Today is the first day of April, so take everything you read online today with a massive grain of salt.

We'll spare you the April Fools pranks, and instead we'll stay the course reporting the latest podcasts, interviews, news, and more from the Savory Global Network. And for this month's Digging In, we dive into Savory's global impact strategy, in case you wondering how our various programs work together.

Happy April!
Hub Leader Daniel Firth Griffith Discusses New Book ‘Wild Like Flowers’
Interview with Daniel Griffith, Savory Hub leader in Central Virginia and author of the new book "Wild Like Flowers," discussing the WHY of regenerative agriculture and our relationship with the natural world.
Watch the replay »

Ata Regenerative Working with Indigenous Moriori to Restore Chatham Islands
Ata Regenerative is working alongside the Hokotehi Moriori Trust, helping to regenerate the land, society, and culture of Rekohu.
Read More »
🎙 Podcast: The Pitfalls of Industrial Thinking in a Living World
Abbey Smith, Savory's Global Network Coordinator and Hub leader of the Jefferson Center for Holistic Management, joined the Death in the Garden Podcast to discuss the differences between “industrial thinking” and “complex thinking.”
Listen »

Does Ranching Need More Effective Communication Styles?
Holistic manager Ariel Greenwood opines how the trust of the public may affect aspects of ranching.
Read »
Bioregionalism as Economic Regeneration
An approach to design based on the belief that human activity should be constrained by ecological & geographical boundaries vs politics.
Read »
What’s in the American Rescue Plan for Agriculture?
$5 billion would go to farmers of color, who have lost 90 percent of their land over the past century.
Read »
Savory’s Global Impact Strategy
Since the Savory Institute was founded in 2009, we have influenced management on over 32 million acres. For a small(ish) non-profit with 12 employees, we often get asked “How is that possible with such a small team?”

It’s a great question, and probably a similar question that many of you holistic managers get when someone sees your land. “How is your land so productive with seemingly limited resources?”

For one, having a Holistic Context has allowed us to stay focused on the mission without letting distractions sidetrack efforts. But beyond our context, Savory’s impact model––which isn’t quite the standard NGO model––has been key in allowing the greatest marginal reaction for our efforts.

This impact model can be viewed through three interconnected structures:

  1. Savory Institute - As the central nonprofit, the Institute coordinates all activity of the global network, including recruitment, accreditation, and support; develops curricula for teaching Holistic Management on both the commercial and communal tracks; and creates programs that remove barriers standing in the way for its global adoption, in areas such as markets, research, and policy. We see Savory Institute as the support team for all the boots-on-the-ground that make up the Global Network.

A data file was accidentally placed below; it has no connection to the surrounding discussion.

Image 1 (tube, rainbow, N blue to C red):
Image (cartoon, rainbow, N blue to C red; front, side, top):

2. Savory Global Network - A distributed nodal network, designed just like a living system, the Savory Global Network is comprised of Hubs, Accredited Professionals (i.e. educators), and EOV Verifiers and Monitors. Savory Hubs are all independently-owned and independently-operated, adapting the framework of Holistic Management to a localized context as they train and support land managers to build capacity for regional regeneration. Each Hub is unique in its approach, working with a regional team of AP’s and EOV Verifiers/Monitors to support producers with training, land verification, market support, and more.

  3. Land to Market - Savory’s Land to Market program is designed to be the accelerator of Holistic Management adoption. As the world’s first outcome-based sourcing program, it connects brands, retailers, and consumers to supply coming from verified regenerating land––verified through our Ecological Outcome Verification protocol––and allows those products to be differentiated in the marketplace. By creating new marketplace opportunities, Land to Market drives demand for products with verified regenerative outcomes and eases the barrier of entry for producers.
Holistic Management Training Series
The Savory Hub in New Hampshire, Stonewall Farm, is offering 3 classes in their upcoming Holistic Management series, intended for farmers, landowners, field professionals, and educators wanting to become an Accredited Professional (AP) with the Savory Network.
More Info »

Regenerative Earth Summit
Over the course of two days, this Summit will dive into the underlying narrative that serves as the baseline for regenerative approaches and examine how to use this narrative with compelling storytelling to educate consumers and amplify authentic regenerative engagement.
Register »

Transition Dead Ground into Living Pastures
Savory Hub, White Oak Pastures, is hosting a Foundations of Holistic Management course taught by accredited Savory Field Professional and Ecological Verification Master Verifier, Spencer Smith.
Register »

Savory Institute, 885 Arapahoe Ave., Boulder, Colorado 80302, United States

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